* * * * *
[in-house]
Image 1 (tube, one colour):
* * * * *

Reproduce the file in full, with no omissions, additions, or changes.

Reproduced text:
[in-house]
Image 1 (tube, one colour):